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CCN Express

CCN Express

The members of the CCN family are capable of eliciting and modifying a wide range of biological activities through their ability to modify adhesive signaling via integrins and heparan sulfate-containing proteoglycans. The CCN proteins can be considered therefore to be part of a larger category of matricellular proteins. To widen the scope of the intellectual inquiry into the CCN family as well as to increase the interest in the CCN field as a whole, with this issue the CCN Society initiates a section of its newsletter called CCN Express. In this section of the newsletter, both established and new investigators will be invited to provide their opinions on topics related to the role and function of CCN proteins as well as related matricellular molecules in development, homeostasis and disease.

Issue 03 - January 2009

Welcome to the first edition of the CCN Society newsletter for 2009.

In this issue, Roger Mason presents a review article on the possible role of CCN2 (connective tissue growth factor, CTGF) in diabetic nephropathy This review is extremely timely as there is a very strong interest currently in developing anti-CCN2 therapies to treat this disorder.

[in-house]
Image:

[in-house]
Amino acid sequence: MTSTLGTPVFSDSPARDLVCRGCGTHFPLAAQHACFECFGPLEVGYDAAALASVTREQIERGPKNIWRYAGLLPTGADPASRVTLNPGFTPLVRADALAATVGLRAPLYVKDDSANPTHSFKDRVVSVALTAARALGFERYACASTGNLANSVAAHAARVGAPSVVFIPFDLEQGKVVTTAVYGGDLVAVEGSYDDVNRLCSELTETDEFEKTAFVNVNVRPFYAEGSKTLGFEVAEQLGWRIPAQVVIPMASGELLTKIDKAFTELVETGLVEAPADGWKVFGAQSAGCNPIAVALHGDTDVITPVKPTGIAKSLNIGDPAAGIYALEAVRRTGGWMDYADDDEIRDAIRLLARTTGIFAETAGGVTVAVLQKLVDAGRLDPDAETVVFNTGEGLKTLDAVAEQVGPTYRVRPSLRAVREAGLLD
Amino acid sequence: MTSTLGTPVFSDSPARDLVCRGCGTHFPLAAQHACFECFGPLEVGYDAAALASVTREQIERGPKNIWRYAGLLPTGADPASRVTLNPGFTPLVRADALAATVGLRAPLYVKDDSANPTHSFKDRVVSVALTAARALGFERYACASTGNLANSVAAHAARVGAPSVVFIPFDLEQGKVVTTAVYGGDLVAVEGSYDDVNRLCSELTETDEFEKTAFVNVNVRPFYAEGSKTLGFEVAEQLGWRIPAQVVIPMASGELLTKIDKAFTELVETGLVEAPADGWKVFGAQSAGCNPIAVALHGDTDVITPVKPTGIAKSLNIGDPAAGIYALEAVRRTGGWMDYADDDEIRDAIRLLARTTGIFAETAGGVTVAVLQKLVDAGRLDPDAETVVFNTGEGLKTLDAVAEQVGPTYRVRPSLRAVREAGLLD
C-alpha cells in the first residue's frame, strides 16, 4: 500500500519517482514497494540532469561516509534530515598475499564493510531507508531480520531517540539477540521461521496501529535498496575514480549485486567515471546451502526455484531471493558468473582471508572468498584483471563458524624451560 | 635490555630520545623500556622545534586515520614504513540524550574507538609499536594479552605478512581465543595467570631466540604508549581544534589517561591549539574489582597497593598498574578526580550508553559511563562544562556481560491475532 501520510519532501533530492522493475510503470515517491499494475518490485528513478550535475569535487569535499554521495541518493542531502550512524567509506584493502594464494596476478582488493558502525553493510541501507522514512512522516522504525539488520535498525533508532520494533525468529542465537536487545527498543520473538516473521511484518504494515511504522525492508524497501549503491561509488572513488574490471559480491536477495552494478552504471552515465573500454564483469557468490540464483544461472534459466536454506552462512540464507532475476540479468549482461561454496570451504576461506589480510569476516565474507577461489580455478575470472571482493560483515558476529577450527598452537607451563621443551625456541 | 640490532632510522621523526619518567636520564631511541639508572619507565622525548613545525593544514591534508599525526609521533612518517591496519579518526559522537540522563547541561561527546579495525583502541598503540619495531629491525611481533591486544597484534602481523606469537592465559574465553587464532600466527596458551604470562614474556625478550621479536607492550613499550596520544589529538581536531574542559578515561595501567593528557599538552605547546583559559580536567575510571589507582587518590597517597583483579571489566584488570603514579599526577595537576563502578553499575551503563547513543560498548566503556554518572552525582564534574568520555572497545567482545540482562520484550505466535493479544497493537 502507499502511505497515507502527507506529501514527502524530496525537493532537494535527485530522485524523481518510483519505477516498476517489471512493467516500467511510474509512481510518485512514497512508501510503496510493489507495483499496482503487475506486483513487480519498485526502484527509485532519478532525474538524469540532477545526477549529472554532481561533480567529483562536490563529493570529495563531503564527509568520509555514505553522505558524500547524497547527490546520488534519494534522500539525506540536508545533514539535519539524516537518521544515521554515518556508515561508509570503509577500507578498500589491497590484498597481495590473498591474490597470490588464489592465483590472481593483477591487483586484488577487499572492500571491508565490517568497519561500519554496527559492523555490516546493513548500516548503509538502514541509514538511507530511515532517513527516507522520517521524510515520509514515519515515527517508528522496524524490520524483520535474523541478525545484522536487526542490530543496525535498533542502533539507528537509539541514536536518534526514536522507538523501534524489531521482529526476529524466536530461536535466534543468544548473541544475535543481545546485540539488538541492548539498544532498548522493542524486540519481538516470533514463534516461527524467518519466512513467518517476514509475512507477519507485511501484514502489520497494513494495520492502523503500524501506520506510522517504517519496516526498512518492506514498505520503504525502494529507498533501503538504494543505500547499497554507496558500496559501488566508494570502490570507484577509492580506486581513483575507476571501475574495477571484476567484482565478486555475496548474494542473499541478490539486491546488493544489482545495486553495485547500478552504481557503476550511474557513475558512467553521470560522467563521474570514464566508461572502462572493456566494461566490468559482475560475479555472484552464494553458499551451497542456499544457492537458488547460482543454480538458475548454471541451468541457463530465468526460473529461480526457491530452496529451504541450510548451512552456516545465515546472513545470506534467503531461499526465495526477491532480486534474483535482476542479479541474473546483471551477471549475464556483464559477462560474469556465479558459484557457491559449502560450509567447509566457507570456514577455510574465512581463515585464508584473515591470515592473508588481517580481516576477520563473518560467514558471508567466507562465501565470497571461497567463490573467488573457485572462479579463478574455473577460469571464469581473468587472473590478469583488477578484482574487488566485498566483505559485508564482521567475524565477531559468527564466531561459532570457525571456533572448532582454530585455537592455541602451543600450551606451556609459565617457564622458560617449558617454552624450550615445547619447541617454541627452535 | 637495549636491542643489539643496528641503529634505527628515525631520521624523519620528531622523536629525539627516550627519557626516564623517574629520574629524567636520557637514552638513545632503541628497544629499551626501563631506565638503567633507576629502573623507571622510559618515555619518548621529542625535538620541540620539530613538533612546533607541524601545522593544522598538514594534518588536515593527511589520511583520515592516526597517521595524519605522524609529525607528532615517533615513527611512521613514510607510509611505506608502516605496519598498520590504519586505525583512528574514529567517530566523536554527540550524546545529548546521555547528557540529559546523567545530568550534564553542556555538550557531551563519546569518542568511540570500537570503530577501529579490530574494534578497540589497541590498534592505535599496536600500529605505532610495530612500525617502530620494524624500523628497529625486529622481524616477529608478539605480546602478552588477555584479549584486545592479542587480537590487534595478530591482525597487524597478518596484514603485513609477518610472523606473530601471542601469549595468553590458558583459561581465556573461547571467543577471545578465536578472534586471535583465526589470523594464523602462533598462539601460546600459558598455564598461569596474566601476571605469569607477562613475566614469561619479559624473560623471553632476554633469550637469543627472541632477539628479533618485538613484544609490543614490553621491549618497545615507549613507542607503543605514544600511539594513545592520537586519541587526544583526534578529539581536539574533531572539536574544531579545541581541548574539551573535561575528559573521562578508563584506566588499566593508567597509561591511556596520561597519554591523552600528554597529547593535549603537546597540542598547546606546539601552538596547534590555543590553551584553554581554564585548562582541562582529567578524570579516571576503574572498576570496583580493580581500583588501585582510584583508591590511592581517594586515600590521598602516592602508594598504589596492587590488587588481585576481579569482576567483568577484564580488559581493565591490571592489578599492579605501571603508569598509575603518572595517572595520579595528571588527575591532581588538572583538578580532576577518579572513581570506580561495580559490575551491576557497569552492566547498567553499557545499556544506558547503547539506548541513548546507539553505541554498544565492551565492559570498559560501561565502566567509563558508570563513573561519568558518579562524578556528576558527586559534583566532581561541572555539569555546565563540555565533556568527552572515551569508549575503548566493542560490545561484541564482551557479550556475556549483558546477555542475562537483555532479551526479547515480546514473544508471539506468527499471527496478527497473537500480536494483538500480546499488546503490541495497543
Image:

Connective tissue growth factor (CCN2), a pathogenic factor in diabetic nephropathy. What does it do? How does it do it? (Roger Mason)

Issue 02 - August 2008

This month brings the second edition of our new, quarterly newsletter. This is the last issue prior upcoming 5th International Workshop on the CCN family of Genes in Toronto and I encourage the reader to attend this meeting in a truly dynamic, international city.

In this issue, for the CCN Express portion of the Newsletter, Mark Erwin of the University of Toronto has written a timely review on an interesting topic, namely the possible role that CCN2 might play in development of the notochord and early chondrogenesis. Also in this issue, Bernard Perbal has written a timely review on CCN3, and addresses apparent controversies in the literature regarding the function of CCN3 in cancer.

CCN2 might play in development of the notochord (Mark Erwin)

CCN3 : Doctor JEKYLL and Mister HYDE (Bernard Perbal)

I hope that these articles spawn discussion via the internet (you are encouraged to contact the editors of the CCN Society website) and in Toronto.

Issue 01 - July 2008

Functional Role of Periostin Expression in Development and Wound Repair: Implications for Connective Tissue Disease.

Comprehensive review by Dr Douglas Hamilton, on the potential role of periostin, a fairly novel multifunctional matricellular glycoprotein.

In future issues, there will be reviews on the role of CCN2 in both chondrogenesis and in diabetes. We hope that the CCN Express will emphasize the key roles that CCN and related proteins play, as well as spark new insights into the function of individual proteins.

Best wishes,

Andrew Leask, PhD